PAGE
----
Or to put it another way, some modular cards work great in Commander, whereas others are best skipped entirely.
This week, let’s take a look at an often overlooked one of the former’s category.
Today we have: Sulti Charm
Name: Sulti Charm
Edition: Khans of Tarkir
Focus: Spot Removal / Artifact Destruction / Enchantment Destruction / Card Draw
Highlights: The Sulti faction in the Khans set found itself beset with expectation problems, from faction mechanics, to the tribal misstep that the naga weren’t also snakes, to their often mixed bag of card effects. While this wedge group certainly provided its share of popular, even tournament-viable cards, the faction overall was much less successful compared to others in the set. The same can be said for Sulti Charm, in that although it has a lot to offer, it had a tendency of being overshadowed by a couple of the set’s other, marginally more potent charms.
Which is unfortunate, because Sulti Charm is hardly a poor modular card to choose from thanks to its removal option.
Like all wedge and shard charms, Sulti is a three mana instant, making it easily castable in all but the early stages of a Commander game, and it offers up its share of three (ok, 2.5) decisions to choose from.
The first is straight-up creature destruction, letting you destroy any monocolored creature on the battlefield. Contrary to what many assume, monocolored creatures are still incredibly prevalent even in decks running two or more colors, so you should be able to target the majority of creatures you come across. You won’t be able to target multicolor or artifact creatures (sure, Murder this is not), but any three mana creature removal card is worth considering adding to a Commander deck, especially in an era where Wizards is intentionally trying to move away from cheap spot removal.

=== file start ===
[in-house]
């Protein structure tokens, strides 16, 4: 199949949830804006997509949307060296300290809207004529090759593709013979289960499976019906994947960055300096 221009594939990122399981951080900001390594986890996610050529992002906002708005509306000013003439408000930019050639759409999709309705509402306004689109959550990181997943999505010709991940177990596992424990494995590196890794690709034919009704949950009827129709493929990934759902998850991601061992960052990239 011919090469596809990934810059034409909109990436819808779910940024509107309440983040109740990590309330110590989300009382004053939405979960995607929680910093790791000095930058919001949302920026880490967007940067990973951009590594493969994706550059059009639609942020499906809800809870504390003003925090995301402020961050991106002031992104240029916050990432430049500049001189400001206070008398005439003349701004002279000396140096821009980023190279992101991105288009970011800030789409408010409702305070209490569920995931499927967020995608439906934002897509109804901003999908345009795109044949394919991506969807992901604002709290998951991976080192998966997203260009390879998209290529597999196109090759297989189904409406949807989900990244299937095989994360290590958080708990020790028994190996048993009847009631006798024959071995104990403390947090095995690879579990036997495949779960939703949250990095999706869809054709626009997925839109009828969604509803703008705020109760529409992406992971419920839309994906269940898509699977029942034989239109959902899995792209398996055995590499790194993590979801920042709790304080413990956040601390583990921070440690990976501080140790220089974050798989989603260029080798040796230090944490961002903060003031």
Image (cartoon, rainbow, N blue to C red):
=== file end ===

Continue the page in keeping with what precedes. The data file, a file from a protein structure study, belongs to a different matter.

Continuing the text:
The second option is effectively a multicolor Naturalize, which sounds mediocre in principle, until you realize that every other charm only lets you target an enchantment or artifact; this is the only charm that allows for you to target both. That flexibility can’t be understated.
Thus, when you put these two modes together, you essentially have a three mana removal card that lets you target nearly any nonartifact, non-planeswalker on the battlefield. Which will be helpful in almost every EDH game at some point.
The tradeoff to this is Sulti Charm’s third ability, which is admittedly a bit of a throwaway compared to the first two. Its looting ability to draw two cards and discard one is there more for use within the faction itself to feed the graveyard, but it can still be useful in a pinch in longer games here as well. It’s not that uncommon to have dead cards in your hand that you won’t really need that you could discard in order to gain two new ones, or you may be in dire need to go fishing for some other kind of response to your situation, and in both cases Sulti Charm allows you to dig a little to find it. Whether you’ll want to do cast this for that effect at the expense of removal options is not incredibly high, but it is still an option as a desperation move.
All in all, this charm has a wide range of applicability that can be utilized offensively or defensively to cheaply remove a problematic card on the board, and that alone makes it worth considering. Biases or not.
Keep an eye out for us to be regularly featuring other more accessible-but-worth-it Commander cards going forward. In the meantime, we’ll keep the light on for you.